The Seattle-based software giant's long-beloved database tool
Windows 7 / Windows 8
Microsoft Access is a database program that includes both the container of the information as well as the interface to the information.
Microsoft is known for building programs that allow nearly anyone of nearly any level to get started with them. The learning curve for Microsoft Word and Microsoft Excel is fairly limited. Microsoft Access is a bit of an exception to that rule, but when compared to more enterprise solutions, is fairly easy to use.
To explain what Microsoft Access does, we first need to explain what a database is. Imagine this is a container of various information. Within the container you can have other smaller containers. Like a storage shed can have shelves, and each shelf can have a tote on it. Microsoft Access is much like a pre-built shed with empty shelves. It is up to you what kind of information you want to fill it up with, and how you want to organize that information on the shelves.
The big difference between Microsoft Access and other databases is that Microsoft Access has a forms component to it. So re-using our shed example, this forms component would be like the shed had a touchscreen and robotic arm built in. You use the touchscreen to decide which information you want to see, and the robotic arm finds it for you. The same idea for Microsoft Access is that you build a custom form that goes into the storage of information, searches for a particular "bin on the shelf" and gives you that information. You can also use these forms to input information.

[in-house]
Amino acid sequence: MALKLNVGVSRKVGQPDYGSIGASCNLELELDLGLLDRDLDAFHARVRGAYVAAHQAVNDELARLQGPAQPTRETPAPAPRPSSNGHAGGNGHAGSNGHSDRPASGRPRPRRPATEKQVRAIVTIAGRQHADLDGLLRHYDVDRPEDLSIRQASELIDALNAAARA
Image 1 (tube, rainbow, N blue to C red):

One of the major drawbacks to Microsoft Access is when you want multiple people using the information at once. While this is possible, the software is not designed to facilitate this. Since larger databases need to read/write a lot of information from many people at once, Microsoft Access is often overlooked. Furthermore, Microsoft Access only allows their own form development tools. A larger database may not come with the form development tools, but the larger database makes itself available to a large variety of third party tools. This means more design choices when building a user interface.